Q5. What do you miss about life in Thailand?

Cheap car insurance, cheap taxis, cheap Thai food, beautiful temples, people taking their shoes off, excellent shopping malls.... a lot of small things,

Since I’ve been back there are so many little things here too that I enjoy.... fresh air, actual footpaths, bins everywhere, road safety, shop assistants who let you browse, strangers say hello as they pass, punctuality.,..

Both places are awesome in their own little ways.

Q6. Would you advise a new teacher to seek work in Thailand or where you are now?

Come to Thailand but not to raise a family. It really is a great place to work.

Q7. Any plans to return to Thailand one day?

Only on holidays.

Q8. Anything else you'd like to add?

As teacher I was limited to Bangkok for the top jobs. This meant we had to live very far from my wife’s family and had little support. In Ireland I can work in any school throughout the country and receive the exact same salary and benefits,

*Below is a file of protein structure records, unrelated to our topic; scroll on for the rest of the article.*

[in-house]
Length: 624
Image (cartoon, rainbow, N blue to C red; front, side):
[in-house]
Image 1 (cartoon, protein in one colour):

The weather too.... I can take my daughter outside any time of day here! In Thailand between 08.00 and 17.00 were usually way too hot for her. She loves her walks and exercise.

My daughter seems so much happier here. We can go anywhere we want here and there is no pointing or shouting of Kao Kao. Nobody tries to touch here either.

She will be starting free pre-school classes soon (yep, free).

I see a much brighter future for her here.


Mike

Q1. Where did you move to and when?

I moved to Saigon, Vietnam in August 2020

Q2. How long did you work in Thailand?

For three years, from Summer 2017 until Summer 2020, working at a mid-tier international school in Bangkok.